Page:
You’ve probably had friends and family corner you to look at a rash or talk about medications. With social media exploding about Ozempic, these questions and even curbsides from physicians have boomed. We all want to know more about weight.
As a bariatric surgeon, here are five things every physician should know about weight:
- How to start a conversation with a patient about weight
- When to refer a patient to a bariatric specialist
- Anti-obesity medications may not be wonder drugs but matter on weight
- Bariatric surgery is the best treatment for some
- Mental health, physical activity, and nutrition help fight barriers to weight management
How to start a conversation with a patient about weight
Weight is a tough topic to discuss. The majority of my 45-minute initial bariatric visits with patients are spent building trust. The anchoring principle of any conversation about weight is respect.
Consider a few approaches to start a conversation with your patient:
- Determine a go-to bariatric specialist for referrals
- Ask your patient about quality of life and goals
- Invite patients to discuss weight on their terms
- Consider dedicating visit time to this topic
- Discuss health goals such as decreasing medications
When to refer a patient to a bariatric specialist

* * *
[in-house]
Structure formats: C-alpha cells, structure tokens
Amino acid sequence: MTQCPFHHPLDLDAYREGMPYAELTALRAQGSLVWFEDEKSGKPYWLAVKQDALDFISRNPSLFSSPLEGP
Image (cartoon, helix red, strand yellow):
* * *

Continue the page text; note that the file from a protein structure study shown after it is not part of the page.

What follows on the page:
Fewer than 1% of eligible patients ever visit a bariatric specialist. Most bariatric specialists offer non-surgical services regardless of patient BMI and comorbidities. If in doubt, refer.
The most common criteria used by health insurers for bariatric surgery are:
- BMI over 40 OR,
- BMI over 35 with any of the following conditions:
- Obstructive sleep apnea, asthma
- Polycystic ovarian syndrome (PCOS)
- GERD, hiatal hernias
- Cardiovascular disease
- Anxiety/ depression
2022 ASMBS/ IFSO guidelines expand criteria to BMI over 35 and over 30 with comorbidities.
So now that you want to refer, how do you find a bariatric specialist?
- ASMBS find a provider
- SAGES find a surgeon
- OMA find a clinician
- Refer within your network or ask peers for referral advice
Anti-obesity medications may not be wonder drugs, but matter in weight
There are currently 9 FDA-approved anti-obesity medications in several classes:
- Phentermine (Adipex-P) and analogues
- Bupropion/ naltrexone (Contrave) and analogues